To show we care, we can simply say something like, “I can’t imagine how hard this must be.”
Hearing about a patient’s experience with pain, chronic disease, or discrimination due to a marginalized identity, often moves us to respond with empathy. There’s an old saying, “You can’t understand someone unless you walk a mile in their shoes.” Sometimes, we ambitiously try to mentally put ourselves in someone’s shoes and think we can understand their lived experience. Unfortunately, when we respond to our patient with this mindset, we can cause harm.
When my teenage sister was first diagnosed with Hodgkin’s Lymphoma, she had no problem getting GCSF injections in the hospital to rebuild her immune system after chemotherapy. When she returned home to a new reality, she struggled to inject herself. I called my parents, who are both healthcare providers, to her room for help. After listening to her worries, they said, “I understand how you’re feeling.”
“No, you don’t!” she said.
She was right. Though my parents had had patients and friends with cancer, they’d never had cancer themselves. By thinking and expressing that they understood, my parents missed an opportunity to connect with my sister in a moment of fear.
That moment taught me a powerful lesson: it’s ok that we don’t fully understand and it’s important to acknowledge this. Patients need to us to listen and respect their experience as uniquely their own. We can offer support for patients’ suffering simply by believing what our patient said and giving care.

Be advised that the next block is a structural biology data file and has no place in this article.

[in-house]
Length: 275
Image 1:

Here are four alternate responses to saying, “I understand.”
1. “Thank you so much for telling me.”
When patients share openly, we’re entrusted with a gift. Some patients have been harmed by disbelief, or other mismanagement of their truths. Receiving this gift is acknowledging the risk they took to share and promising to protect their vulnerability.
2. “I’m so sorry that you are going through this.”
This response demonstrates belief in the patient’s experience while also acknowledging the challenge of navigating their particular circumstance.
3. “I can’t imagine how hard this must be.”
This is the opposite of, “I understand.” It shows empathy through humility by expressing the difficulty of an experience and acknowledging our limitations to fully understand it.
This piece expresses the views solely of the author. It does not necessarily represent the views of any organization, including Johns Hopkins Medicine.